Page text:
Commonwealth commits to reforms

Rwanda was officially welcomed as the 54th member of the Commonwealth Yesterday, President Paul Kagame concluded his visit to Australia, where he attended the Commonwealth Heads of Government Meeting (CHOGM). At the summit, Rwanda was officially welcomed as the 54th member of the Commonwealth family. The country was admitted into the grouping two years ago, becoming the second member that was not colonized by Britain.  At the meeting, the Heads of State and Government reaffirmed their commitment to the values and principles of the Commonwealth. They committed to reform the Commonwealth to ensure that it is a more effective institution, responsive to members’ needs, and capable of tackling the significant global challenges of the 21st century.

Rwanda was officially welcomed as the 54th member of the Commonwealth

Yesterday, President Paul Kagame concluded his visit to Australia, where he attended the Commonwealth Heads of Government Meeting (CHOGM). At the summit, Rwanda was officially welcomed as the 54th member of the Commonwealth family. The country was admitted into the grouping two years ago, becoming the second member that was not colonized by Britain.

At the meeting, the Heads of State and Government reaffirmed their commitment to the values and principles of the Commonwealth. They committed to reform the Commonwealth to ensure that it is a more effective institution, responsive to members’ needs, and capable of tackling the significant global challenges of the 21st century.

A statement indicate that the leaders also agreed to actively promote, uphold, preserve and defend the fundamental values, principles and aspirations of the Commonwealth, and to revitalise the Commonwealth’s development priorities to ensure it effectively articulates and meets the development needs of member states today and in the future.

They resolved to work together and with global partners to secure the global economic recovery and ensure a stronger, more sustainable and balanced global economic system that will benefit all Commonwealth countries. The meeting resolved to improve gender equality and to empower women, and reaffirmed the provision of a greater voice and more effective role for youth in the Commonwealth, who constitute more than 50 percent of the Commonwealth population.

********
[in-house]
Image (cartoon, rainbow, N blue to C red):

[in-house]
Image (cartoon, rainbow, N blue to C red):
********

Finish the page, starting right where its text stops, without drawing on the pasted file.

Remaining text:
The leaders agreed to maintain their commitment to a stable and secure national and international environment, as a foundation for sustainable growth and resilience for Commonwealth countries and the broader international community. They also committed to improve international security. The meeting also resolved to combat human smuggling and trafficking by clamping down on illicit criminal organisations and bringing the perpetrators of these crimes to justice, while protecting and supporting the victims of trafficking. 

The CHOGM welcomed the interest shown by the Government of South Sudan in joining the Commonwealth, and requested the Secretariat to pursue the established procedures in this regard. The leaders reaffirmed to look forward to the conditions being created for the return of Zimbabwe to the Commonwealth.

The Commonwealth leaders welcomed the proposed establishment of a Queen Elizabeth Diamond Jubilee Trust, which would be funded by private donations and voluntary contributions from governments. The Trust will support charitable projects and organisations across the Commonwealth, focusing on areas such as tackling curable diseases, the promotion of all forms of education and culture and other Commonwealth priorities.

Kamalesh Sharma was reappointed Commonwealth Secretary-General for another four-year term, commencing April 2012. The next CHOGM will be held in Sri Lanka in 2013 and, thereafter, in Mauritius in 2015.

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